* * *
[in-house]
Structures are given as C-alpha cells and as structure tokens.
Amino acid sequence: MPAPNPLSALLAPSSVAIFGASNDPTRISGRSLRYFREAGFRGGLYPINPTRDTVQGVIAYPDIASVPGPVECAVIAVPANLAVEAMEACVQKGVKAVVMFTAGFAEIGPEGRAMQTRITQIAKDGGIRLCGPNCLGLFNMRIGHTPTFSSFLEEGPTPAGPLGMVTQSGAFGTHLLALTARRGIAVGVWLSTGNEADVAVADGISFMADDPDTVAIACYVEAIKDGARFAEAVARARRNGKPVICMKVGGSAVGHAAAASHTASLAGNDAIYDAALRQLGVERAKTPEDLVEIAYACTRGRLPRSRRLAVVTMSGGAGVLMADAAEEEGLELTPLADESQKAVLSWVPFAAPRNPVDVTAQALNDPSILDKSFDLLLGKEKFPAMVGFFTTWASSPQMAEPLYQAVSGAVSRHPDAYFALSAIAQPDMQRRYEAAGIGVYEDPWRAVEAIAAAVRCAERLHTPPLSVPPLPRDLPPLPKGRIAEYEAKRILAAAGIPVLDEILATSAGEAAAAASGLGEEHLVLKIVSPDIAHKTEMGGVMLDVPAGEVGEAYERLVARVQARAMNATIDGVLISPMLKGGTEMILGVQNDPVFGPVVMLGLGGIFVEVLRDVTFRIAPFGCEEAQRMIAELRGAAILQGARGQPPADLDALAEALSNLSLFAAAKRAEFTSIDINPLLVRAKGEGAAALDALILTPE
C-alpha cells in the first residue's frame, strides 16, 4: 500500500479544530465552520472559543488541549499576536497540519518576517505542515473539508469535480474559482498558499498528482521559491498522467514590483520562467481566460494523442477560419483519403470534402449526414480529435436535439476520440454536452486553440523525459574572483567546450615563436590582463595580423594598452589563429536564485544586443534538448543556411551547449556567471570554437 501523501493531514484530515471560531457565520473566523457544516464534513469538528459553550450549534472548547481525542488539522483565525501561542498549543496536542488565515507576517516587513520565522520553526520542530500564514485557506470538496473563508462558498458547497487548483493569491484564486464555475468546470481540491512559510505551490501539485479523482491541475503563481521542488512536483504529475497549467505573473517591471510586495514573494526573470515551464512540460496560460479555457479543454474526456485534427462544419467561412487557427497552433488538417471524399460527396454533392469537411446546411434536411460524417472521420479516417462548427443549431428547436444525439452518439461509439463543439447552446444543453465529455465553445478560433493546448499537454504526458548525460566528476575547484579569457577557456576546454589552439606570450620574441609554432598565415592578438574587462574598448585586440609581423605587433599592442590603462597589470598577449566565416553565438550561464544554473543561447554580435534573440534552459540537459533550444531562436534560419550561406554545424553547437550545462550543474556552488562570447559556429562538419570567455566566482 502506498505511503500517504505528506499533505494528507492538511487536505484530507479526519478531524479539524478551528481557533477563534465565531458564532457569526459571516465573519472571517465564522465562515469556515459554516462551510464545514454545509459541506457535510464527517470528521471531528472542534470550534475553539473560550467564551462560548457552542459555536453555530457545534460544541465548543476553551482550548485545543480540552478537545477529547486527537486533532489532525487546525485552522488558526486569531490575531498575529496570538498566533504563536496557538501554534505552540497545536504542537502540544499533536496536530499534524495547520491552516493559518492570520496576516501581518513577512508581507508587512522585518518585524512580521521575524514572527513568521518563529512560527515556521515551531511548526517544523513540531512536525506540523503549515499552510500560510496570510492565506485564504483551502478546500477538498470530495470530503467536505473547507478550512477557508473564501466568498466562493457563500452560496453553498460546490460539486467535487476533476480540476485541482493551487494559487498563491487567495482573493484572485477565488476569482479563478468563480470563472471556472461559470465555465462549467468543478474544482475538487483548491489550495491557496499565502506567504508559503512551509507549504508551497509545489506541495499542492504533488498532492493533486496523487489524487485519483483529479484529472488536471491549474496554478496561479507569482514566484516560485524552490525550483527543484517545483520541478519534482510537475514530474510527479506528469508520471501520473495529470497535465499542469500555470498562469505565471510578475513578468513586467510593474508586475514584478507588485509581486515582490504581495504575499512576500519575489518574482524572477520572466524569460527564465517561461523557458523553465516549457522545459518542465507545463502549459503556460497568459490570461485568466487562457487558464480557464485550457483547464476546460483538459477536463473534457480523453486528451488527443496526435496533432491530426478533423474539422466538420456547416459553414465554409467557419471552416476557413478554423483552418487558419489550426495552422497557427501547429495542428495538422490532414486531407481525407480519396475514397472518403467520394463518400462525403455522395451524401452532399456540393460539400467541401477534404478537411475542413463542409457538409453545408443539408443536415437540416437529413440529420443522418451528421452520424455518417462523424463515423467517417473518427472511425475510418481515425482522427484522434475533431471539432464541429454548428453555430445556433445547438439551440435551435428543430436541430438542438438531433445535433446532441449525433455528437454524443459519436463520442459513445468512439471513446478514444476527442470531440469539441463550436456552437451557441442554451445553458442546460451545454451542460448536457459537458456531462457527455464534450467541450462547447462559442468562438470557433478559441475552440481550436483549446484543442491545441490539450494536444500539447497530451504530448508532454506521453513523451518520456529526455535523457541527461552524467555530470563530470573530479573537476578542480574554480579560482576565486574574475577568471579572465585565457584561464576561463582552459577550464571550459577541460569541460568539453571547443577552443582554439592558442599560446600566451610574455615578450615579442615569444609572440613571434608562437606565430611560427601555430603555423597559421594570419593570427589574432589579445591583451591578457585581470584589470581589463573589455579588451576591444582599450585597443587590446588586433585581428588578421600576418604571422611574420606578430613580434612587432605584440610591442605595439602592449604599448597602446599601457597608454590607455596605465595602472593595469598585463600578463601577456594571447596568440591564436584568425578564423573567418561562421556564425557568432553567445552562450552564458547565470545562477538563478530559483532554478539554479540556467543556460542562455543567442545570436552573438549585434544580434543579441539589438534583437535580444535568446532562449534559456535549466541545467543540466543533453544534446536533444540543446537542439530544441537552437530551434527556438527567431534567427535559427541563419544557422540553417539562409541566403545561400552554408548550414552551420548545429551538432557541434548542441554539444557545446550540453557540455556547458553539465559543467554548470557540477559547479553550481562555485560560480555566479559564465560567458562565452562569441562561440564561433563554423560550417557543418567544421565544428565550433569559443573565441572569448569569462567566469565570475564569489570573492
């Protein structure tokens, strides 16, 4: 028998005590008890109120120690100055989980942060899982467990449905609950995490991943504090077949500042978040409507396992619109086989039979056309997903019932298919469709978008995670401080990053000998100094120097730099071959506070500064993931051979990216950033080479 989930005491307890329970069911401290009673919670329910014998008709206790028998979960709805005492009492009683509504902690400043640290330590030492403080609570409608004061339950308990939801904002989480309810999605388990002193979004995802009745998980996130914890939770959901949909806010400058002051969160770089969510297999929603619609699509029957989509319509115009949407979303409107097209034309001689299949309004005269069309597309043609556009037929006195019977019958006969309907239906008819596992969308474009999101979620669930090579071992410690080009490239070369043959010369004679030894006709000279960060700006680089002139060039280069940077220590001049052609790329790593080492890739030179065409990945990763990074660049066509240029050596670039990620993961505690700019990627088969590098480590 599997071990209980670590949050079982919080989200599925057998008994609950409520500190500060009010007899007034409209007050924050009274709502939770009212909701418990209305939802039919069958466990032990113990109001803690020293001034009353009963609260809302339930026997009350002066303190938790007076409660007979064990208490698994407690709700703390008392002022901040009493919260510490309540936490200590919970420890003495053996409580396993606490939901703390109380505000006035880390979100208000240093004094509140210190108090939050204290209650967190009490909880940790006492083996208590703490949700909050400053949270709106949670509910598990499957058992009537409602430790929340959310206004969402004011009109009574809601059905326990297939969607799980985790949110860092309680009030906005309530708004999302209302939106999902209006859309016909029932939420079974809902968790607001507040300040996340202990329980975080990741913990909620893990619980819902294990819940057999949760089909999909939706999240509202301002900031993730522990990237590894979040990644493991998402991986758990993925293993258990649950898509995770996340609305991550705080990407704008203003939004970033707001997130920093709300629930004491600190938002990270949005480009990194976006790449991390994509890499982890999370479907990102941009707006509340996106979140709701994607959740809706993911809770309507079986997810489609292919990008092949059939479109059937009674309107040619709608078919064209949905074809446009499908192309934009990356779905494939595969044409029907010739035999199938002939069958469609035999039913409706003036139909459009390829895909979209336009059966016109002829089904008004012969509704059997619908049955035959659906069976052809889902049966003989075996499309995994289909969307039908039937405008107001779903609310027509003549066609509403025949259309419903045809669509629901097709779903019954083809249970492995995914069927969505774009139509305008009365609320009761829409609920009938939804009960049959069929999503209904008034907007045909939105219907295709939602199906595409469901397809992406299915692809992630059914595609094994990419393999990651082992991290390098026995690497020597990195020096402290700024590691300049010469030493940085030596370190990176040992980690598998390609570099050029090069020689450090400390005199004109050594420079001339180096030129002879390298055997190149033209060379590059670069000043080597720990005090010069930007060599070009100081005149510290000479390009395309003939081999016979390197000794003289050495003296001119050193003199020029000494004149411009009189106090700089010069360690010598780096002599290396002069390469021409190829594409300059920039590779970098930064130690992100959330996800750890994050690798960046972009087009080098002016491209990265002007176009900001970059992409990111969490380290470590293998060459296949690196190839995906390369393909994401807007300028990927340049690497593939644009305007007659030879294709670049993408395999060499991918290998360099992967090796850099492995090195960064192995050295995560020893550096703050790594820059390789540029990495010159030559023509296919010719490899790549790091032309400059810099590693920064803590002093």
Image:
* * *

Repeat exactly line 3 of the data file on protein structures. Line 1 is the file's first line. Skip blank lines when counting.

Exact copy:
Amino acid sequence: MPAPNPLSALLAPSSVAIFGASNDPTRISGRSLRYFREAGFRGGLYPINPTRDTVQGVIAYPDIASVPGPVECAVIAVPANLAVEAMEACVQKGVKAVVMFTAGFAEIGPEGRAMQTRITQIAKDGGIRLCGPNCLGLFNMRIGHTPTFSSFLEEGPTPAGPLGMVTQSGAFGTHLLALTARRGIAVGVWLSTGNEADVAVADGISFMADDPDTVAIACYVEAIKDGARFAEAVARARRNGKPVICMKVGGSAVGHAAAASHTASLAGNDAIYDAALRQLGVERAKTPEDLVEIAYACTRGRLPRSRRLAVVTMSGGAGVLMADAAEEEGLELTPLADESQKAVLSWVPFAAPRNPVDVTAQALNDPSILDKSFDLLLGKEKFPAMVGFFTTWASSPQMAEPLYQAVSGAVSRHPDAYFALSAIAQPDMQRRYEAAGIGVYEDPWRAVEAIAAAVRCAERLHTPPLSVPPLPRDLPPLPKGRIAEYEAKRILAAAGIPVLDEILATSAGEAAAAASGLGEEHLVLKIVSPDIAHKTEMGGVMLDVPAGEVGEAYERLVARVQARAMNATIDGVLISPMLKGGTEMILGVQNDPVFGPVVMLGLGGIFVEVLRDVTFRIAPFGCEEAQRMIAELRGAAILQGARGQPPADLDALAEALSNLSLFAAAKRAEFTSIDINPLLVRAKGEGAAALDALILTPE